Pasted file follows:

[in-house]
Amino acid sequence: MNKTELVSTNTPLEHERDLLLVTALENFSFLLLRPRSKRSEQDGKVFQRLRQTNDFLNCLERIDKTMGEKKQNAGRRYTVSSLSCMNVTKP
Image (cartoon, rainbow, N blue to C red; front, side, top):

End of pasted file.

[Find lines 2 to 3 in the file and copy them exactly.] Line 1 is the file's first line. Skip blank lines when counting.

Amino acid sequence: MNKTELVSTNTPLEHERDLLLVTALENFSFLLLRPRSKRSEQDGKVFQRLRQTNDFLNCLERIDKTMGEKKQNAGRRYTVSSLSCMNVTKP
Image (cartoon, rainbow, N blue to C red; front, side, top):